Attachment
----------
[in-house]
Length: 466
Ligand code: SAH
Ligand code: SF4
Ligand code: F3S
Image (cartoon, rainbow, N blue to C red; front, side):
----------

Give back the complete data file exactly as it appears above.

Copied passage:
[in-house]
Length: 466
Ligand code: SAH
Ligand code: SF4
Ligand code: F3S
Image (cartoon, rainbow, N blue to C red; front, side):